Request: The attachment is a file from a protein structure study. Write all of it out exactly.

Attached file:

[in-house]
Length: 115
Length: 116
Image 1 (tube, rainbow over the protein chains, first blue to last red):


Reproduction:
[in-house]
Length: 115
Length: 116
Image 1 (tube, rainbow over the protein chains, first blue to last red):